Fase was announced early in the pandemic, Awg 950 in aid, for all who lost their jobs; the MinSAL, Social Affairs, Labor, wanted to look like a hero and invented this NEW instrument that could/should/would have been smoothly handled by SVB, but never mind, water under the bridge.
Over time, the rules were made clear, ZZP, the self-employed solo operators, not registered at SVB added, and a crew of 30 people hired, a committee set up, then slow processing began.
You have to understand that SVB has all names, numbers, dates and amounts on file, ready at the press of a button.
FASE had to solicit applications, enter the data, including bank account information, tax ID number, and an employer business plan, in order to create the NEW redundant thing.
According to my sources about 12,200 FASE requests were made, many of them by people working in the grey economy which couldn’t present letters from their employers, had no pay slips, filing incomplete applications, destined for rejection.
That’s what they get for being tax-evaders, all these years.
Until Tuesday this week, 4,800 FASE subsidies were released. They are being paid every two days, at a random order. When received, inspected, and approved, they go to a committee which hands them down for execution to SVB. Efficiency has never been our strong suit.
My info is from May 12th, and we’re talking about April’s subsidy.
May & June are supposed to go smoother. Then the program will be evaluated.
FASE is hopeful to conclude its April round #1 payments, by the end of this week.
If you receive a wage-subsidy in May, you will be dropped from FASE. Pensioners are not eligible.
The famous Aruba salary subsidy, supposed to arrive in April, was discussed at the “Dialogo Social Laboral Tripartite,” at the beginning of May. The gathering included GOA, the private sector, and union representatives. In that meeting it was clearly agreed that the subsidy given to employers, and in turn handed out to employees, in lieu of lost wages, will be 60% of their pay, and not 80% as dictated at first.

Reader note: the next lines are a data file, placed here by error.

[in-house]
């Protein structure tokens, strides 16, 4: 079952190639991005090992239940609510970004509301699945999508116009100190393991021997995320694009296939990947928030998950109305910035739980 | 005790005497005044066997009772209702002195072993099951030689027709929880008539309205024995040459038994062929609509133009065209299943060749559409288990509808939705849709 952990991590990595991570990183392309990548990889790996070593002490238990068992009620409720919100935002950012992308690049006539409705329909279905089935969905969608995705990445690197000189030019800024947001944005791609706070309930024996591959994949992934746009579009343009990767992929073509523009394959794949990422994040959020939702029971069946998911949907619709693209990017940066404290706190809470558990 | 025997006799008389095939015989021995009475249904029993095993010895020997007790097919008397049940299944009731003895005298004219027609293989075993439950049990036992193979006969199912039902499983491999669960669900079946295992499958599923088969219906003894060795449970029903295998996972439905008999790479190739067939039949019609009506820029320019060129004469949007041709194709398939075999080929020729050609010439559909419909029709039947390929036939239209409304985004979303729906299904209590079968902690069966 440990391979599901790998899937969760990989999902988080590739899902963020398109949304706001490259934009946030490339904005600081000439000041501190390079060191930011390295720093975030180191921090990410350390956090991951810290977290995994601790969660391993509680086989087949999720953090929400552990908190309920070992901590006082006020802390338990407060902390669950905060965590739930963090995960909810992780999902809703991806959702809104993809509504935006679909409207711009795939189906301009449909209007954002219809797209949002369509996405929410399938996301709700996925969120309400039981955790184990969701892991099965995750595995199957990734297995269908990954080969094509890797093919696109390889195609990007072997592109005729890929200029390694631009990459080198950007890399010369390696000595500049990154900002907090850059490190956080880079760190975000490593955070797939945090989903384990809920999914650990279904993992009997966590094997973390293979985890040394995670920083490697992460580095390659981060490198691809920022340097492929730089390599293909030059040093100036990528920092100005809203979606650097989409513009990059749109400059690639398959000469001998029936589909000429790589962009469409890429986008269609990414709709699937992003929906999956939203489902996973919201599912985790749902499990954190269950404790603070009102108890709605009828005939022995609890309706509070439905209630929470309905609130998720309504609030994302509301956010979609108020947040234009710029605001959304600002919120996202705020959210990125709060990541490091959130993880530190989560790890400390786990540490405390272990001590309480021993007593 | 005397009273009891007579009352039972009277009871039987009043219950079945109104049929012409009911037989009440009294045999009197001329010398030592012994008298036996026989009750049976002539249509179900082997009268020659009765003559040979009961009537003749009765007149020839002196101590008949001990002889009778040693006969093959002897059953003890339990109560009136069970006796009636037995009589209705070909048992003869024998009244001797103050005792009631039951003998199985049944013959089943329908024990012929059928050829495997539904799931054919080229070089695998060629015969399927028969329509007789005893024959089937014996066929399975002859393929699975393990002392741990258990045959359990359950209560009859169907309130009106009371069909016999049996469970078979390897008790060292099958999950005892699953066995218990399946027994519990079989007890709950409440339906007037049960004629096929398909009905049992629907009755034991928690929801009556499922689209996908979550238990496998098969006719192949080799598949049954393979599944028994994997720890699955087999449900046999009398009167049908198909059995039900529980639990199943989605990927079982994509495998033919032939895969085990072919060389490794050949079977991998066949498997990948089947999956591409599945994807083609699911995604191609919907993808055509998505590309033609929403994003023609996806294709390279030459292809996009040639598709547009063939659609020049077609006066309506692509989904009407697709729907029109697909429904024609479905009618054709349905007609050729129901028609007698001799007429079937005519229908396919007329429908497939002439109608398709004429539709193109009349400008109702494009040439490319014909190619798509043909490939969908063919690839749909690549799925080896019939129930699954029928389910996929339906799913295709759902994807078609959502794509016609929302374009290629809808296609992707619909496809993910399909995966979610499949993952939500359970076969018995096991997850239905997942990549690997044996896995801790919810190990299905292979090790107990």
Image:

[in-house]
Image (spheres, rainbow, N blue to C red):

Local businesses couldn’t pitch in with the original 20% during a zero income period, and after a great effort at persuasion, and lobbying, the Dialogo Social Laboral Tripartite was convened and the decision amended.
YET GOA DID NOT TELL ANYONE, and did not create a legal framework to enforce it, leaving the employers no choice but attempt to convince their staffers to sign letters of agreement, which would protect them down the road from possible lawsuits.
As a result of GOA’s intentional silence, employers are unable to easily reduce work hours and corresponding pay on a unilateral basis.
GOA is obviously talking out of both sides of its mouth here.
On one hand meeting employers’ needs.
On the other not telling a soul, so that potential voters won’t hang their 40% loss of income on the government.
Legal advice reiterates that the current law and jurisprudence does not give any space to business owners to make “reasonable” decisions on work hours and pay in an unprecedented crisis such as this one, depending on each company’s situation.
Thus, it is still advisable to reach an agreement with the employees.
GOA could have made it easier, because it was agreed that “minimum payment of 60% of salary,” is a basis of the subsidy program. GOA was asked to publicly announce it. It was also asked for a legal framework, but nada.
All the business community has is an official letter from GOA and SVB outlining the subsidy conditions and the intent for a minimum of 60% of salaries to be paid.
And that sums up the tools available, at this time.
More work for accountants and lawyers, to make unique calculations and draw up agreements.